I know I have probably said this far too often, but once again, this blog would not have been so easy to write, if I had been at the dentist on the right day.

Essa Adams is the author of ‘A Breath Floats By‘ a.k.a. penname Thayne Hudson. She writes Women’s Fiction Blog, Pet Skunk Medicine and authors ESSA Natural.

The Fake Ladybug in My Window

Freezing winter short story by the Women’s Fiction blog.

Feel good winter humor, really….A feel-good holiday story. Sort of....

Fake ladybugs are not to be confused with holiday ornaments either.

Did it move just now? The fake ladybug in my office window behind the plastic film? The thing is right in line with my view of the winter snow garden. Really bugging me.

One of those fake ladybugs.  An imported Asian lady beetle, orange-red with nineteen black dots on its back. The kind that pinches hard.  Pees in your mouth vile liquorish poison that makes you wail and spit for ten minutes.

How do they get in your mouth? They drink from water glasses. Crawl into salads, mixing with grape tomatoes quite nicely.

See how they would fit right in?

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My office has wonderful walls of windows, so we purchased an EdenPure Heater, just to keep me warm.  Now our pets sleep in baskets by me where I spin them like rotisserie chickens.

Ask the ladybugs.  Winters are rough in the Great Lakes region. So hubby applied lovely plastic film to the windows to give them one more layer of insulation. Since I refuse to use drapes or blinds because I don’t want to lose my view of the winter garden, the film is a compromise.

The problem with this bug-thing staring in at me is that hubby is very protective of the plastic film. The technique is in the airlock. He spends the winter accusing me of pushing stacks of books, the lamp shade, and my purse into the film but these do leave dents. I cannot deny evidence.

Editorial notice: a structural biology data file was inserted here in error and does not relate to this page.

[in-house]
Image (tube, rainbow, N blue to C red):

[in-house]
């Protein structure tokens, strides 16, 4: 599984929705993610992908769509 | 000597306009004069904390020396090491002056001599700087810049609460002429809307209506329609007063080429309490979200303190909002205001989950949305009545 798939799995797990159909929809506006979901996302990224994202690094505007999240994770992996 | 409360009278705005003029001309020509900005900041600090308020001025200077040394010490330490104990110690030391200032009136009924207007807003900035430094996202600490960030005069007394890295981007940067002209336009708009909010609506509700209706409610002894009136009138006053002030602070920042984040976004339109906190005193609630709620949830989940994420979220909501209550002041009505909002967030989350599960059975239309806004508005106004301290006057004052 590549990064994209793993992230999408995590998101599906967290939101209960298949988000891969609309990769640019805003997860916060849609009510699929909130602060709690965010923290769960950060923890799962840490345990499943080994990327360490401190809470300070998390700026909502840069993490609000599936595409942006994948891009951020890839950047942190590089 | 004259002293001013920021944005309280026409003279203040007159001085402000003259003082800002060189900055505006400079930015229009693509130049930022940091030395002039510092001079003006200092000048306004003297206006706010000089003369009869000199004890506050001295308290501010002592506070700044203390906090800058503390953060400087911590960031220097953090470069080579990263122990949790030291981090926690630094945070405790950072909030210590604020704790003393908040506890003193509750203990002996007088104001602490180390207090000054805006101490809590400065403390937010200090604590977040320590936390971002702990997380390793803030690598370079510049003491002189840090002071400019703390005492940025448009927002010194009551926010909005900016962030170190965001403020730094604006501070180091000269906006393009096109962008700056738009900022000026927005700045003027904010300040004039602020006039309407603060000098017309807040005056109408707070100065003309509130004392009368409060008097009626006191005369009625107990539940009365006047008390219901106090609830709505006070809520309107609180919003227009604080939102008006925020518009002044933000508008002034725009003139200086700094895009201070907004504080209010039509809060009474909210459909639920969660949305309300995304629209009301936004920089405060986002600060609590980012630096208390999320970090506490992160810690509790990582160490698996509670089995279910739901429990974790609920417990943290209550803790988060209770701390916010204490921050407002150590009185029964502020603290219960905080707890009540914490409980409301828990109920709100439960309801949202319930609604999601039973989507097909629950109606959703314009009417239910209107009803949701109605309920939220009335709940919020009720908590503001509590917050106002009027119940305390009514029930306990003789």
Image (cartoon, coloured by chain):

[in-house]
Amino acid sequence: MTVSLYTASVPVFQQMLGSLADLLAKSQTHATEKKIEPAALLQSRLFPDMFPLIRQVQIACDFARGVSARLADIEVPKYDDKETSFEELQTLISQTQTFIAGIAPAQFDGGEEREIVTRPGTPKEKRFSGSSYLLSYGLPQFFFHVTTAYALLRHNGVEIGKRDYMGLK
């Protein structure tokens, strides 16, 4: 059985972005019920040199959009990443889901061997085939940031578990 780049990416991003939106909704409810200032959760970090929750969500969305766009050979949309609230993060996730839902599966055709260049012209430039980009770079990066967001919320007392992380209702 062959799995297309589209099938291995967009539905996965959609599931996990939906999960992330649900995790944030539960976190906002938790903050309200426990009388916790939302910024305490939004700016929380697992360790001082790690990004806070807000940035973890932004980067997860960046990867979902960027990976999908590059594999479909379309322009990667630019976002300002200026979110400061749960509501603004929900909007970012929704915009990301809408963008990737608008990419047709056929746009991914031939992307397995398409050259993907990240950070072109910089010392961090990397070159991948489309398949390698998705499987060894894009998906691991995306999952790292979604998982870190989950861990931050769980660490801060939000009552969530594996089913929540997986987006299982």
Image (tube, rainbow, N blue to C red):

One must understand the dynamics of our relationship, of him bringing me sustenance of coffee, c ocoa and soup while I create my prose in the frozen office. Autumn onward, I would don gloves, many sweaters with hoods, scarves, jackets, then coats and boots, frozen fingers typing numbly.

Stubborn me with my walls of vintage windows on my vintage office-porch I would not change for the world, freezing to death.  Like the bug.

Fake ladybugs are not to be confused with holiday ornaments either.

What a lovely winter garden though. Birds, wildlife, a tiny lacy cedar tree tipped in ice beads dancing beneath the grey skeleton of the high bush cranberry. I love my trees. My blue wind chimes.

Hubby loves me. So he contours the film, trims the edges within a sixteenth of an inch from the two-sided tape so I never know it is there. Then he uses hair dryer heat to coax the film to completely disappear as it spreads tighter and tighter.

Who would mess with the airlock? Not me. I’m not even touching it.

But the poor fake ladybug got caught between the windows and the plastic film.

Day before yesterday, the bug was lively. Being the coldest day of the year, I felt sorry for it, doubting its survival for more than a few more hours.  I know, I am a heartless fake ladybug hater. That evening when I turned out the lights, I do not remember noticing Fake Ladybug. She had probably frozen to death quite painlessly… right?

She? Yes, she. Aren’t all ladybugs feminine in fairytales?

Yesterday was more spring-like. Fake Ladybug was not flying around but she was still there, behind the plastic, mulling how to escape her winter wonderland aquarium. Then she disappeared for several hours. Before I turned off the lights, I checked for Fakie and she was not between the windows, not in cracks as far as I could see.

Fakie? Yes, Fakie. Just as Gracie is a cutesy name for Grace. Fakie. Using ‘ladybug’ in her name is too good for her.

Gracie, still as a nailhead on the iced windowsill.

Today I come in here to work, five essays exploding in my mind. There is Fakie, still as a nailhead on the white windowsill, staring at me through the plastic film. Eh.